Click here to Skip to main content
13,190,405 members (53,683 online)
Rate this:
 
Please Sign up or sign in to vote.
See more:
i have worked on this program in my way but it is not working

What I have tried:

#include<stdio.h>
#include<conio.h>
main () {
int  r , f ,  i , j , k , a, z, d, count =0;
int arr[50];
int stl[10];
 
printf(" enter the number of elements : ");
scanf(" %d" , &a);
for(i=0;i<a;i++){
printf(" Enter %d element: \n" , i);
scanf(" %d" , &arr[i]);
}
for(i=0;i<5;i++){
	count = 0;
	for(j=0;j<5;j++){
		   if(arr[i] >= arr[j]){
		   ++count;
}else{}
}
r =0;
f = a;
	do{
	if( count == f){
	 stl[r] = arr[i];
	 --a;
	 ++r;
	 }else{
	 --a;
	 ++r;
	 }
	 }while(  f <= 0);
 

 
}
for(z=0;z<=5;z++){
printf(" %d" , stl[z]);
}
 
getch();
return 0;
 
}

[edit]Code block added - OriginalGriff[/edit]
Posted 4 days ago
Updated 4 days ago
v2
Rate this: bad
 
good
Please Sign up or sign in to vote.

Solution 1

Several things here:
1) We have no idea what it is supposed to do, so telling you what is wrong with it is completely impossible. As it telling you how to fix it.
2) We have no idea what it is doing that you didn't expect, or not doing that you did. As as we have no idea what values you entered, we can't even run it against the same conditions.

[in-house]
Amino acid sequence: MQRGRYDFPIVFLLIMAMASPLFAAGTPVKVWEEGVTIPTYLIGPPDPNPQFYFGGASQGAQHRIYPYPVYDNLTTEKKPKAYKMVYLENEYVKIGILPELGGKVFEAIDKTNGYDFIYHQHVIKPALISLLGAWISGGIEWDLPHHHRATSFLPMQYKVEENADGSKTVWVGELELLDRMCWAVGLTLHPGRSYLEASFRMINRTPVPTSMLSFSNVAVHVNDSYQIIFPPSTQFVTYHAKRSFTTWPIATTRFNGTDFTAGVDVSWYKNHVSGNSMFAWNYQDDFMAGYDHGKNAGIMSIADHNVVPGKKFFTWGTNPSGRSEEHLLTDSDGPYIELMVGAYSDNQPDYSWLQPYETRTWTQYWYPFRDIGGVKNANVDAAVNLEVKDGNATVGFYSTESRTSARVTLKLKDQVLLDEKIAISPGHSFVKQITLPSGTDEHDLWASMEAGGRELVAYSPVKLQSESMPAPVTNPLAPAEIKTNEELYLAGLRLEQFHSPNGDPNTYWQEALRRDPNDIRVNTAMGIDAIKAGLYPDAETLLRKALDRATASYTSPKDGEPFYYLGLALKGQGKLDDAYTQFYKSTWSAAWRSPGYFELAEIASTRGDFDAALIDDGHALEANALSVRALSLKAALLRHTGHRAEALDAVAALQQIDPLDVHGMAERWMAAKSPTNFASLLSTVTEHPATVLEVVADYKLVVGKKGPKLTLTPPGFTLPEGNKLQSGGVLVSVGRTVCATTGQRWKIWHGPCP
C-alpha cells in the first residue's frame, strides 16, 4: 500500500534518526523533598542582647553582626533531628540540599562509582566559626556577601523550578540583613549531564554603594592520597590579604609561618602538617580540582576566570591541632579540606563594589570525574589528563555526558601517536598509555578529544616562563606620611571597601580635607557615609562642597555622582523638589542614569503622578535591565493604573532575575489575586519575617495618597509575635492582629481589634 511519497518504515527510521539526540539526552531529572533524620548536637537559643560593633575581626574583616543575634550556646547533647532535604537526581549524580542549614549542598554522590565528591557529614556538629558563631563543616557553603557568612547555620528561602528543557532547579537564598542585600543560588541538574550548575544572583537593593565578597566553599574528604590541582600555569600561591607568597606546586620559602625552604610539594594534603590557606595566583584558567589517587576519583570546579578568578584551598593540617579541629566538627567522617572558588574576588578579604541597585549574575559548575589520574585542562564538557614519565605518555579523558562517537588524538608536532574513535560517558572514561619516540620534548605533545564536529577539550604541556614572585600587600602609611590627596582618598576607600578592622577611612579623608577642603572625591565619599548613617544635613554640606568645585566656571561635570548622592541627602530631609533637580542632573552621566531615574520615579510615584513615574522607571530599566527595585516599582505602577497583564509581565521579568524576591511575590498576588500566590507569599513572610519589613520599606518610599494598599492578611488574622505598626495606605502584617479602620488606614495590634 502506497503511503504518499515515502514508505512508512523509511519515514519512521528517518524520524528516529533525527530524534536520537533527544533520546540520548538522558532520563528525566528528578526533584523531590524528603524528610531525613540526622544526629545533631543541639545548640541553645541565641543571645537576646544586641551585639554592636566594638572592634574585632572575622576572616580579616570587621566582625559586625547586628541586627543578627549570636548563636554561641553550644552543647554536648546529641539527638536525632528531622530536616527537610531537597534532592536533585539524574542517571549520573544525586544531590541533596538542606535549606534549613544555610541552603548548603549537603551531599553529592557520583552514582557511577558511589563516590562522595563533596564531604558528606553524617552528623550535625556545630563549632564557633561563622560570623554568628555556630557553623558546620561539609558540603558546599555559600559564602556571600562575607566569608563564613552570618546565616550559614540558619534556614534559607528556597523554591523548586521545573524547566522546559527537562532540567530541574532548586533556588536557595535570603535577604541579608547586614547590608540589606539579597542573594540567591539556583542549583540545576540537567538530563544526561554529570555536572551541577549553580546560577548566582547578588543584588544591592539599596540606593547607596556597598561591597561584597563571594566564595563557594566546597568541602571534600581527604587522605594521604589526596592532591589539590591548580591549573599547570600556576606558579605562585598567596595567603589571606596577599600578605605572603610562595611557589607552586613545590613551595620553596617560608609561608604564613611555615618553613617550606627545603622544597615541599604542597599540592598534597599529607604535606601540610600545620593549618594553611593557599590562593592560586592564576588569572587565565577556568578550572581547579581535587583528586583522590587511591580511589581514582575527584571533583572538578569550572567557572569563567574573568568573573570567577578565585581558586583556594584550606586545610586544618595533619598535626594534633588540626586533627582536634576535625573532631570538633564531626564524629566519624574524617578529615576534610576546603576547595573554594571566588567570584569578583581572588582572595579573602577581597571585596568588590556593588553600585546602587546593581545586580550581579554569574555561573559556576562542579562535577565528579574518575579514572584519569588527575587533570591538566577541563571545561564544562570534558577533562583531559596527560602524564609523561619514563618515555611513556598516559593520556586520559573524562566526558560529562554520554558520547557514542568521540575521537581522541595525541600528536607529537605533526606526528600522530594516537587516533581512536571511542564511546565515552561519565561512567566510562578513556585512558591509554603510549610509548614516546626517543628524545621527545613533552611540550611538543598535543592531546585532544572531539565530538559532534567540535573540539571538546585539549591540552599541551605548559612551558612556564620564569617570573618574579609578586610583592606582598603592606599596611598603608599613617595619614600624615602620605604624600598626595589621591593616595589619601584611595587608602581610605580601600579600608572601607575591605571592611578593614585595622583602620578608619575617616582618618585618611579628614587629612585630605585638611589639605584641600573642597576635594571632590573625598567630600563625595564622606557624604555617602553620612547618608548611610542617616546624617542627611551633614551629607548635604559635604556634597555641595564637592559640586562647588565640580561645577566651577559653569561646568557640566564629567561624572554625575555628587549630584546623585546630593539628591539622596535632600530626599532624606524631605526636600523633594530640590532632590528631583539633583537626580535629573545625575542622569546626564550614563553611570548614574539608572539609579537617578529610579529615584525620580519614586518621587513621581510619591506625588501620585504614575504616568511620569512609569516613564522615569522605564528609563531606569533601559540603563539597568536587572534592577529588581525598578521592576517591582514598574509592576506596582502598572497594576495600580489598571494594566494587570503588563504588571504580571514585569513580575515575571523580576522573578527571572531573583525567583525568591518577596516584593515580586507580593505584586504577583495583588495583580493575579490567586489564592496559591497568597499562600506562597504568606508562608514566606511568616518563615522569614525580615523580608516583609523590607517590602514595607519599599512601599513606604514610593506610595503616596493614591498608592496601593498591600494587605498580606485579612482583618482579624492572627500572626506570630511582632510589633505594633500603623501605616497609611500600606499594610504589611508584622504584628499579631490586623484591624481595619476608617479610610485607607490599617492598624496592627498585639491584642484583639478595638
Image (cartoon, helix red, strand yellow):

3) This is your homework, not mine. And that means it is part of a whole learning process,which includes getting the code you wrote working.

Compiling does not mean your code is right! :laugh:
Think of the development process as writing an email: compiling successfully means that you wrote the email in the right language - English, rather than German for example - not that the email contained the message you wanted to send.

So now you enter the second stage of development (in reality it's the fourth or fifth, but you'll come to the earlier stages later): Testing and Debugging.

Start by looking at what it does do, and how that differs from what you wanted. This is important, because it give you information as to why it's doing it. For example, if a program is intended to let the user enter a number and it doubles it and prints the answer, then if the input / output was like this:
Input   Expected output    Actual output
  1            2                 1
  2            4                 4
  3            6                 9
  4            8                16
Then it's fairly obvious that the problem is with the bit which doubles it - it's not adding itself to itself, or multiplying it by 2, it's multiplying it by itself and returning the square of the input.
So with that, you can look at the code and it's obvious that it's somewhere here:
int Double(int value)
   {
   return value * value;
   }

Once you have an idea what might be going wrong, start using teh debugger to find out why. Put a breakpoint on your line:
f = a;

and run your app. Think about what each line in the code should do before you execute it, and compare that to what it actually did when you use the "Step over" button to execute each line in turn. Did it do what you expect? If so, move on to the next line.
If not, why not? How does it differ?

This is a skill, and it's one which is well worth developing as it helps you in the real world as well as in development. And like all skills, it only improves by use!

And do yourself a favour: Several favours.